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AIPAC Breaks With Obama on Pending Iran Nuclear Deal

By    |   Monday, 02 March 2015 08:24 AM

America's top Israel lobby has taken a public stance to break with the White House over its Iran policy, believing a pending deal is too weak in preventing Iran from developing a nuclear weapons capability.

According to The Wall Street Journal, the leadership of the American Israel Public Affairs Committee (AIPAC), representing 16,000 members, has used the first day of its three-day policy conference to outline an alternative strategy to the president's.

The group's plan would give Congress the power to undo any agreement with Tehran that is deemed too weak by imposing new sanctions on Iran and blocking the White House's ability to lift existing sanctions, which is an expected part of the agreement currently being forged by the administration.

"Congress has a critical role" in determining this deal, Howard Kohr, AIPAC's executive director, said in opening remarks aimed at rallying the group's membership, according to the Journal.

"Congress' role doesn't end when there is a deal. Congress must review this deal."

Kohr and other leaders of the group believe any agreement with Iran must ensure a complete dismantling of Iran's nuclear capabilities, which is something the Obama administration said is no longer an option on the table.

The group wants to see new sanctions imposed on Iran in the event that there is no agreement forged by the late March deadline and shift to a vote in Congress, believing the White House has not been strong enough to use both financial pressure and the threat of military action to challenge Tehran, the Journal said.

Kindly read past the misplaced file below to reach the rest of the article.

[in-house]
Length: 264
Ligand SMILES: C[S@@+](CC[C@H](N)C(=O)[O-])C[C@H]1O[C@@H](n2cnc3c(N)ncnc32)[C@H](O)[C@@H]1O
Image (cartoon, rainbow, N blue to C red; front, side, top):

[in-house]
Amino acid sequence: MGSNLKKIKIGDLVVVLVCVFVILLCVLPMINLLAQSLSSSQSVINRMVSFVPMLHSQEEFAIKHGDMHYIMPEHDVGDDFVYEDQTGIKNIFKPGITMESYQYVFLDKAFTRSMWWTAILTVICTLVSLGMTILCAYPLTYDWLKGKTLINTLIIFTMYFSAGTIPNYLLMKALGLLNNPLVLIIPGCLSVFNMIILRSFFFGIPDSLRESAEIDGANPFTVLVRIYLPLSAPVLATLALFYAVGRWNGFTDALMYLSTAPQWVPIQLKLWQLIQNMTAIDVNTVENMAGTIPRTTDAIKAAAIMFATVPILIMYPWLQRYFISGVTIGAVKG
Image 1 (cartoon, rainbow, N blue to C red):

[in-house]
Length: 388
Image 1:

AIPAC was central in lobbying for sanctions to be imposed on Tehran's central bank back in 2012, which gained the support of 99 senators even though it was initially opposed by the White House.

"Congress, time and time again, has led the effort to bring pressure on Iran," Kohr told the Journal. "The administration took ownership of this."

Two representatives of President Barack Obama's foreign policy team will be addressing AIPAC on Monday to try to ease the organization's position: National Security Adviser Susan Rice and U.N. Ambassador Samantha Power.

Senior U.S. officials insist that the approach by AIPAC and Israeli Prime Minister Benjamin Netanyahu is not realistic and could result in a military clash with Iran.

The administration insists that the deal it is pursuing will significantly cap Iran's ability to produce nuclear weapons and result in strong monitoring of Tehran's nuclear infrastructure.

Officials also say that the approach would prevent a split with the international coalition imposing the sanctions on Iran.

But AIPAC's leadership said that the United States "shouldn't be afraid of Iran leaving the table," Kohr said, according to the Journal.

Israeli Prime Minister Benjamin Netanyahu is due to address the conference during his visit to the United States this week. 

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AIPAC, America's leading pro-Israel lobby, has gone public with its break with the White House over the administration's Iran policy, believing a pending deal is too weak in preventing Iran from developing a nuclear weapons capability.
aipac, israel, iran, nuclear, talks
Monday, 02 March 2015 08:24 AM
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